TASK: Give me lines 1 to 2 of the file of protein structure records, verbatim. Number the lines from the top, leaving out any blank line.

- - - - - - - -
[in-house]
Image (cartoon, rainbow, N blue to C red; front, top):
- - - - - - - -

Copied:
[in-house]
Image (cartoon, rainbow, N blue to C red; front, top):